Cover image for The best class picture ever!
The best class picture ever!
Roche, Denis (Denis M.)
Personal Author:
Publication Information:
New York : Scholastic Press, 2003.
Physical Description:
1 volume (unpaged) : color illustrations ; 24 x 27 cm
It's class picture day, but for the second graders nothing is going right: their class pet is missing, their teacher left and hasn't been replaced, and Olivia refuses to smile.
Reading Level:
440 Lexile.
Program Information:
Accelerated Reader AR LG 2.6 0.5 72370.

Reading Counts RC K-2 3.1 1 Quiz: 34030 Guided reading level: K.
Format :


Call Number
Material Type
Home Location
Item Holds
PIC.BK. Juvenile Fiction Childrens Area-Picture Books

On Order



Denis Roche makes her SP debut as both author and artist with her bright, funny story about a teacherless classroom of children who find themselves a wonderful and inventive new teacher.

It's class picture day, and Class 202 is in an uproar. There's chaos everywhere. And worst of all, the class has no permanent teacher. Olivia is so upset that she can't smile. But Mr. Click, the photographer, knows just what to do . He has them make a list of funny words to coax a grin out of Olivia. Olivia's smile gets wider as the words get funnier. Even the principal is impressed when she sees what Mr. Click does with the unruly class. But it's Olivia's suggestion that Mr. Click become their teacher that makes everyone's smile widest of all. It's the best class picture day --ever!

Reviews 2

Booklist Review

PreS-Gr. 2. It's class picture day for the second-graders, but Olivia is sad. The second grade (for unexplained reasons) has no teacher, and now, with the disappearance of the guinea pig, Elvis, they have no class pet. A wild search ensues, with Class 202 eventually racing off to the auditorium for their picture. Mr. Click, the photographer, noticing how down Olivia is, enlists the help of the class to bring a smile to her face, teaching them a bit of spelling and math along the way. At last, Elvis reappears and joins the cheering children for a picture. The day is complete when the principal leads them back for another class picture with their new teacher--Mr. Click. Bright gouache colors create a lively setting for the exuberant characters drawn as abstract figures with bold, black outlines; children taken with the art will have the bonus of discovering Elvis in almost every scene. With plenty of visual humor, Roche neatly captures the contrast between the order and chaos of a typical second-grade class. --Louise Brueggeman Copyright 2003 Booklist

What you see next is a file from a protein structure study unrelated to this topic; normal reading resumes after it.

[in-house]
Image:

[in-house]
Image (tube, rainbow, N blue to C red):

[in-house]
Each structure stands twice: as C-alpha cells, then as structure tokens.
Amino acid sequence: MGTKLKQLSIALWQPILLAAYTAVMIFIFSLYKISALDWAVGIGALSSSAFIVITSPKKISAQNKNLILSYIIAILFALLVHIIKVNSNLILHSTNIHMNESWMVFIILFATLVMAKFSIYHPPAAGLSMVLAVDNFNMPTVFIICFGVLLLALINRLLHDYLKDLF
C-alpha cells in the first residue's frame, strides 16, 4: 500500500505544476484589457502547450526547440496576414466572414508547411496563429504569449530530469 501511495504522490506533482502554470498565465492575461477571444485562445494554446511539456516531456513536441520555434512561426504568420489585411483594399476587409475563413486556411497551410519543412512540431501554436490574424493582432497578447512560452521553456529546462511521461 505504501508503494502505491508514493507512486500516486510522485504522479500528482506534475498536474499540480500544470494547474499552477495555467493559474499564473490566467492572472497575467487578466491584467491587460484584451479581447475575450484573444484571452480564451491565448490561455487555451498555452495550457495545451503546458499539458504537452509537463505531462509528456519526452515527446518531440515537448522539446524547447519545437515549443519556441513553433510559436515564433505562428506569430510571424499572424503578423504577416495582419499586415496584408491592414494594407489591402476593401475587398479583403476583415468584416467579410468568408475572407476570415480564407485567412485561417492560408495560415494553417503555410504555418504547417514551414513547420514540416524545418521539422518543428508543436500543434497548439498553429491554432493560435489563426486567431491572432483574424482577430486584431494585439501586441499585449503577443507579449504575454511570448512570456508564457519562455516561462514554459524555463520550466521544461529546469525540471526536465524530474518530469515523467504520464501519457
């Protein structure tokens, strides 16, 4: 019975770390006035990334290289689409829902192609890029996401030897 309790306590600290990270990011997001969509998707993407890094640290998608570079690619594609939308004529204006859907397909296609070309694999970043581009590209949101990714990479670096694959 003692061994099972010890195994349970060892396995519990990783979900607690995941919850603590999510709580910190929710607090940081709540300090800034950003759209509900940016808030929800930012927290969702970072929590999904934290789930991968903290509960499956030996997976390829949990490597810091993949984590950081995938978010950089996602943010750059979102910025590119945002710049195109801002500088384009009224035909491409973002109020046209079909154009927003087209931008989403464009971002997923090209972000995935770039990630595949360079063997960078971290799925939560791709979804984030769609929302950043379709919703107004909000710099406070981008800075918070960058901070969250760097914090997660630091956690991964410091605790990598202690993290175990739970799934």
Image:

Publisher's Weekly Review

It's picture day for Class 202-a group of second graders so incorrigible that no one will teach them-and the sudden disappearance of the classroom hamster, Elvis, offers an excellent excuse for disorderly conduct. "Quickly the search began. Shirts came untucked. Ties dropped off. Barrettes flew from heads." But one student, Olivia, is too despondent for monkey business. "We don't have a teacher," she tells the photographer, Mr. Click. "And now we don't even have a class pet." As Mr. Click tries to coax her smile by getting the class to come up with words funnier than "Cheese" (the list includes "hiccups," "feet" and "moustache"), the kids undergo a remarkable transformation from rascals to enthusiastic, well-behaved learners. When the ducktailed Elvis reappears (observant readers will have already spotted him lurking in many of the previous pages), it's icing on the cake-the real treat is that Mr. Click is hired as 202's new teacher. The poker-faced prose that injected the humor into Roche's Little Pig Is Capable is back in force here. But her neon-bright gouache illustrations mark a departure from her customary tableaux. While her style is still unmistakably na?ve, it's animated by a new level of energy and movement; as a result, when she writes, "Children rolled down the aisles, raced up the curtains, and kung fu kicked off the stage," the pictures bubble with a gleeful, school-age savagery. Ages 4-7. (Sept.) (c) Copyright PWxyz, LLC. All rights reserved